The Beav according to Beav

Still crazy after all these years.

Tuesday, April 10, 2007

Truth is...

Last night, I finally watched Stranger Than Fiction. Its surface provides an interesting, original storyline and great acting: a highly entertaining movie. But underneath (you know me, how can I just let it go at surface?), it's even more compelling.

In case you missed it, Harold Crick begins to hear his life narrated, and one of the first things the narrator reveals is his imminent demise. He goes first to a therapist, and then to a literature professor (Dustin Hoffman). As they explore to determine what type of story Harold's life is (in order to determine his oncoming fate), they come to realize that he's not really living (I know, big surprise). A small point that I found interesting: as Harold goes through his day ticking off Comedy or Tragedy to categorize things that happen in his day, and every time he makes a declaration of which he thinks it's going to be, I would have said the other.

More in the comments, but don't go, if you haven't seen it, 'cause "Here there be spoilers!"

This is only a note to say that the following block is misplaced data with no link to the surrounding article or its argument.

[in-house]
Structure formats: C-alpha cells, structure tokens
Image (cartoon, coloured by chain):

• At 9:42 PM, Blogger Professor Howdy said…

    Very good posting.
    Thank you - Have a good day!!!

  • At 9:48 PM, Blogger Beav said…

    I think the thing that impressed me most about this movie was how it handled the ending. The story, like the story that Ms. Eiffel is writing, is written as a tragedy. When you get to the end, Harold should die. But, American audiences being what they are, that's not likely to be widely accepted. So, Harold pulls through, via some Deus Ex Machina, to live his newly-discovered life, and we don't have to cry about it. But, rather than just quietly scooting the corpse of the aborted tragedy away behind the curtain, they bring it forth for all to see and (for the first time in my recollection) explain why you want to make it a comedy (in the classic sense). Why, for the soul of the writer, and the readers (viewers), he must live.

  • At 7:35 AM, Blogger Bk30 said…

    I loved this movie, but then you know I would! LOL. I too was very impressed with it. I was expecting something a little more foolish, but loved the way it dared to go deeper. Harold in the begining could have died and there would have been no issue, but as he changed and grew so did the story. But leads to the question What does an author do when the character takes over? Man could you imagine the coffee conversations we could have over this movie?


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